Ellen & Barry Levine
Leah & Neil MacNeil
at Hotel Shattuck Plaza
BAY AREA PREMIERE
STARTS August 30
- In The News
- Program Notes
What happens when the people you revere aren’t who you think they are? Recent law school graduate Emma Joseph proudly carries the torch of her family’s Marxist tradition by running a nonprofit organization dedicated to the memory of her blacklisted grandfather. But when a newly published book reveals shocking truths about the man, the entire family is forced to confront questions of honesty and allegiance they thought long ago resolved. Winner of the New York Time’s Outstanding Playwright Award for this play, Amy Herzog’s play 4000 Miles was a recent hit at A.C.T.
Runtime: Approximatey 2 hours with one ten-minute intermission.
San Francisco Chronicle
Bay Area News Group
East Bay Express
EDGE San Francisco
The Daily Californian
Jewish News Weekly
ADRIAN ANCHONDO - Miguel, Emma’s boyfriend
JESSICA BATES* - Emma, Ben’s younger daughter
PETER KYBART* - Morty, a donor to Emma’s fund
SARAH MITCHELL - Jess, Ben’s oldest daughter
ELLEN RATNER* - Vera, Joe’s second wife
ROLF SAXON* - Ben Joseph, Joe’s middle child
VICTOR TALMADGE* - Leo, Joe’s oldest
PAMELA GAYE WALKER* - Mel, Ben’s partner
JOY CARLIN** - Director
AMY HERZOG - Playwright
J.B. WILSON+ - Set Designer
WESLEY APFEL* - Stage Manager
MIA BAXTER - Properties
CALLIE FLOOR+ - Costume Designer
CHRIS HOUSTON - Sound Designer
KURT LANDISMAN+ - Lighting Designer
A Conversation with Amy Herzog
By Josh Costello, Literary Manager
JC: There are parallels between the family in After the Revolution and some of your own relatives. What was it like to grow up in such a politically-minded family?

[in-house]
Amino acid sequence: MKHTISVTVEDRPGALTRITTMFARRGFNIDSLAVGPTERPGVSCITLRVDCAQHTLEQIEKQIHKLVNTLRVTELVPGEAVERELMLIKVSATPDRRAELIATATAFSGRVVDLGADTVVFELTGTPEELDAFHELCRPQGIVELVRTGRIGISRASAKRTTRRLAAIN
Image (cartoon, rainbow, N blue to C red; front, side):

AH: My immediate family was not radical, though my dad was the son of the person Vera is based on—he had a very radical upbringing, but my upbringing was much more just Northeast liberal kind of intellectual. I wasn’t quite as close to it as the characters in my plays, but I have all these grandparents and aunts and uncles and cousins much more steeped in the political Left. I’d say my experience of that was very unquestioned pride when I was young; I really liked it, I thought it was cool. Before I had the powers to really analyze it I just had a generic sort of feeling of pride about it, and as I’ve gotten older I have a different kind of pride, which is a more examined kind of look at what members of my family fought for and what they stood for and what they stood up against in the face of a lot of difficult pressure. It wasn’t until I was probably a teenager that I really became aware that my upbringing was really unusual, and that to most people Communism was in fact a dirty word—that was really surprising to me when I figured it out.
JC: The play hinges on different understandings of what it meant to be a Communist in the United States in the middle of the 20th century. What do you think people today should remember about that situation?
AH: I think people should remember that the Communist movement was an extremely hopeful and positive force in most ways in the US in the 30s and 40s, and that the people who were persecuted in the 50s under McCarthyism were generally unjustly treated and it was a really ugly chapter in American history. And that we shouldn’t let that be clouded by our understanding of Communism as people living in the 21st century who know about the horrors of Stalin—those are two different things.